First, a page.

• Like the amounts and types of excipients, the amounts and specific type of active ingredient in a dosage form may differ depending on factors such as, but not limited to, the route by which it is to be administered to patients. However, typical dosage forms of the invention comprise a sodium or zinc-containing salt of omeprazole in an amount of from about 10 mg to about 1000 mg, optionally in an amount of from about 25 mg to about 500 mg, or in an amount of from 40 mg to 400 mg, or in an amount of from about 50 mg to about 200 mg.
  • Oral Dosage Forms
  • Pharmaceutical compositions of the invention that are suitable for oral administration can be presented as discrete dosage forms, such as, but not limited to, tablets (including without limitation scored or coated tablets), pills, caplets, capsules (including without limitation hard gelatin capsules, starch capsules, HPMC capsules, and soft elastic gelatin capsules), chewable tablets, powder packets, sachets, troches, wafers, aerosol sprays, or liquids, such as but not limited to, syrups, elixirs, solutions or suspensions in a non-aqueous liquid, an oil-in-water emulsion, or a water-in-oil emulsion. Such compositions contain a predetermined amount of the active ingredient, and may be prepared by methods of pharmacy well known to those skilled in the art. See generally, Remington's Pharmaceutical Sciences, 18th ed., Mack Publishing, Easton Pa. (1990) or Remington: The Science and Practice of Pharmacy, 19th ed., Mack Publishing, Easton Pa. (1995).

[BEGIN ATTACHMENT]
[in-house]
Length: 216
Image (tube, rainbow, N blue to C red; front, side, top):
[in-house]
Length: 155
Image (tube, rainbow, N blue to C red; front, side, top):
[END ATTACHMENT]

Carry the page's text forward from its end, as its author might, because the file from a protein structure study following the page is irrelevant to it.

• Typical oral dosage forms of the invention are prepared by combining the active ingredient in an intimate admixture with at least one excipient according to conventional pharmaceutical compounding techniques. Excipients can take a wide variety of forms depending on the form of the composition desired for administration. For example, excipients suitable for use in oral liquid or aerosol dosage forms include, but are not limited to, water, glycols, oils, alcohols, flavoring agents, preservatives, and coloring agents. Examples of excipients suitable for use in solid oral dosage forms (e.g., powders, tablets, capsules, and caplets) include, but are not limited to, starches, sugars, microcrystalline cellulose, kaolin, diluents, granulating agents, lubricants, binders, stabilizers, and disintegrating agents.